“We are what we repeatedly do. Excellence, then, is not an act, but a habit.” ~Aristotle
Bestselling author Chris Bohjalian shared that when he was a struggling artist he tried to get admitted into a writing program. He sent in samples of his work and was called to a meeting with an intimidating instructor. She told him she had some advice for him as a writer; “Be a banker.”
Chellie Campbell, whose books are available at Mac’s Books in Cleveland, offers the advice of seeing your critics as angels in disguise sent to test just how committed you are to your dream. They are meant to make you angry to push you further and to help strengthen your will as you wrestle to move past their judgments.
As one man shared, “I didn’t know I had a dream until someone told me I couldn’t have it.”
Campbell offers a second piece of advice: “Self-esteem begins here; anyone who doesn’t like you is an idiot.” She shares about the long trap of trying to please others by stepping into the futile arena of twisting ourselves into shapes to get other people to accept us.
She concludes, “I love applause and compliments. I used to want them from everyone. Now I just want them from ‘My People.’ My People are fabulous, smart, terrifically talented, discerning, intelligent, successful, spiritual and loving. Just like you. Everyone else is an idiot. Today, act as if this were true for you, too. Because it is.”
Montel Williams has often shared that what launched his pursuit of excellence was a teacher in school who told him he would never amount to anything. Though a child at the time, he determined in that moment to prove her wrong no matter how much work it took.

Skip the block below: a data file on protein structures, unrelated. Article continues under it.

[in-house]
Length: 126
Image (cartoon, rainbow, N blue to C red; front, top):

So silently thank your critics. See them as a chance to grow, to strengthen your resolve. Realize the idiocy of those who play small and expect others to as well. And lastly, consider the words of C.S. Lewis. Remember them well, for he is also talking about the person you see in the mirror:
“It is a serious thing to live in a society of possible gods and goddesses, to remember that the dullest and most uninteresting person you can talk to may one day be a creature which, if you saw it now, you would be strongly tempted to worship. It is with the awe and the circumspection proper to them, that we should conduct all our dealings with one another, all friendships, all loves, all play, all politics. There are no ordinary people. You have never met a mere mortal. Nations, cultures, arts, civilizations—these are mortal, and their life is to ours as the life of a gnat. But it is immortals whom we joke with, work with, marry, snub, and exploit—immortal horrors or everlasting splendors.”